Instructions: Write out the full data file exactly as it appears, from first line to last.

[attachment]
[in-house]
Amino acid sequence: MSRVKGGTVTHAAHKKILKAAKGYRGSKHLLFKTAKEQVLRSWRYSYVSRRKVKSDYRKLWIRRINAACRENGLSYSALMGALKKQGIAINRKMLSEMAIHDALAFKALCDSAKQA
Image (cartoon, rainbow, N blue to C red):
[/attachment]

[in-house]
Amino acid sequence: MSRVKGGTVTHAAHKKILKAAKGYRGSKHLLFKTAKEQVLRSWRYSYVSRRKVKSDYRKLWIRRINAACRENGLSYSALMGALKKQGIAINRKMLSEMAIHDALAFKALCDSAKQA
Image (cartoon, rainbow, N blue to C red):